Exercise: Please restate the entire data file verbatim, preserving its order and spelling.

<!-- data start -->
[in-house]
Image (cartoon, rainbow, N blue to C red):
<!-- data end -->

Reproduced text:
[in-house]
Image (cartoon, rainbow, N blue to C red):